Possible to get accurate position?

I wanted to know if I could get the relative position of one Arduino, to another, accurately, or if it was possible with just a gyroscope and accelerometers. I was thinking of an idea where a stylus like object could revolutionize several things. It'd basically be like a Wii remote, but I had several ideas with it. Creating an API to allow people to come up with creative ideas (some of the ones I came up with were Wii-style games, converting any screen into a smart screen etc.). It'd be a fun project for me and anyone else who wants to try it out and maybe it could be the future ;).
I'd appreciate any help, thanks!

Read about UWB (ultra Wide Band). It is still a research area and requires significant computing power and probably budget. Apple created a UWB chip (the U1) that is included in its devices so that they become aware of other apple devices around them - it’s used for example in prioritizing the device you point at in the target list for transmitting data wirelessly between devices (airdrop).

There was a few mention in the forum about UWB, here is one (not a specific recommendation, just first hit)

Please define "accurately". Currently, the only usable options are GPS for outdoors, video cameras with image processing or Pozyx for indoors. https://pozyx.io/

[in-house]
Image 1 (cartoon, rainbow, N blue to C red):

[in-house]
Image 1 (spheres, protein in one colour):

Can't be done with a gyroscope or accelerometers or both.

With a way to wirelessly trigger an ultrasonic ping (from a cheap HC-SRO4 ultrasonic rangefinder), It is possible to measure the distance from the sender to multiple receivers. That, and a little trigonometry, will give you the 3D location of the sender.

In theory. Can you post a link to a successful and convincing demonstration, using Arduino?

Given that this topic has come up on the forum at least once a week, for years, I've never seen anyone report a successful attempt.

In episode 38 of "The Ben Heck Show", Ben Heckendorn made a robot suitcase that followed an ultrasonic pinger on his belt. The Arduino in the suitcase would use an OOK RF transmitter to trigger the ultrasonic pinger and use two receivers on the suitcase to measure distances, from which he derived direction. He only needed 2D direction so only used two receivers. Use 3 or more for 3D.

Note: The OOK RF transmitter and receiver are necessary because the receivers need to know exactly when the transmitter started transmitting.

IIRC, I saw such a device years ago used for navigation, when doing a tour of a retired submarine. I think it must have been a nuclear boat or they would have used more conventional means to get a fix when they surfaced.

How accurate it was or whether such things are still in use are no doubt still classified. With Arduino budgets though, I rather doubt you can get usable numbers that way.

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